When it comes to Darren and Raylund Peterman's '55 F-100, one can't help but think about the Pepsi commercial set to The Who's "My Generation." The commercial shows Pepsi through the generations, and that no matter what society looks like, or the can, Pepsi has been enjoyed by all. Well, if one was to substitute this Ford for Pepsi, you would see that it has been through four generations of the same family. And although the truck may have changed a time or two, one thing is for sure, it has been enjoyed by all.
The roots of Darren and Raylund Peterman's '55 F-100 run deep. Originally the truck was bought brand new in 1955 by Darren's great-grandfather, and now more than 50 years later it rests in the hands of Darren. Although the truck was always lined up to fall into Darren's hands, it wasn't until a few years back that things transpired. Shortly after attending a local show, Darren and his father, Raylund, decided to embark on a journey for the ages and build the Ford in the family garage.
Raylund and Darren figured the best way to start things off would be to create a solid foundation. With the frame in its bare bones package, they began by boxing it. From there the father/son duo ordered and installed a Fatman Fabrications Mustang II IFS setup with coilover shocks. A set of pirated disc brakes from a '78 Ford Granada completed the frontend overhaul. In place of the stock leaf springs out back is a Heidts four-link setup that complements the IFS with excellent handling and comfort. Once again, a set of coilover shocks were used out back as well, and a 9-inch from a '77 Lincoln now calls the chassis home. Raylund and Darren also picked up a gas tank from an '89 Ford van, (notice the Ford-in-a-Ford theme!) but before it could be installed between the rails it needed to be narrowed 5 inches. For true-blue enthusiasts, what better powerplant is there than a 351 Windsor? Exactly, and that's why they picked up an '89 351 Windsor and had Wikle Performance Specialties bore the 351 engine 0.060-over and rebuild the bottom end. From there a set of GT-40 heads and a polished GT-40 intake manifold where placed atop the 351. Induction is channeled through a custom Spectre intake system with a 70mm MAF sensor. Allowing the hopped-up 351 to exhale are Sanderson headers mated to a Flowmaster exhaust system. Backing the 351 is an '89 Ford C6, which has been rebuilt by Flip-O-Matic Racing Transmissions, and outfitted with a Lokar shifter.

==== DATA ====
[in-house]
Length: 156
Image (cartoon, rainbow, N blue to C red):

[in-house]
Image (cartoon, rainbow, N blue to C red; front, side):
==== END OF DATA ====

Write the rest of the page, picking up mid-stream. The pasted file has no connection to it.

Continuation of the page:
Being that the Ford has been in the family since Ike was in office, Darren and Raylund weren't about to change the look so drastically that it would be unrecognizable. However, mixing in a touch of the times was definitely in the cards. For starters, badges and emblems were left in 1955. Continuing on, they began filling body seams to carry on the new sleek and stylish look. When Darren's great-grandfather bought the truck new it was employed as an everyday piece of farm equipment, and so the bed wasn't in too good of shape. Therefore, a new Pro's Pick bed assembly was ordered and assembled. Along with the new bed came a roll pan and billet taillights. At this point, Raylund began massaging the Ford to showroom condition. When dad was finished, Darren stepped in and shot the Ford in a striking Sherwin-Williams Prowler Orange. Finishing off the look is a set of Budnik rims, 18x8 up front and 20x10 out back, wrapped in BFGoodrich rubber, 255/55s in the front and 265/50s in the rear.
Inside the cab is just more Peterman work. Darren and Raylund based the interior around a '69 Chevy bench seat that has been cut, narrowed, and altered to accommodate the Ford's cab. Once fabricated, Darren upholstered the seat in tan and bone leather. He also stitched the Rod Doors door panels while he was at it. In the meantime, Raylund was busy installing the Painless wiring kit, Dakota Digital dash, Vintage Air A/C, and more. Not wanting to cut up the dash, they also installed a Secret Audio stereo system with a JBL subwoofer and amp. A custom fiberglass center console was built as well. In the end, the project that was supposed to be done in a few years, so Darren could drive the truck to his senior prom, ended up taking more than 11 years! Yet, we somehow feel that the father and son team feel it was definitely worth the wait.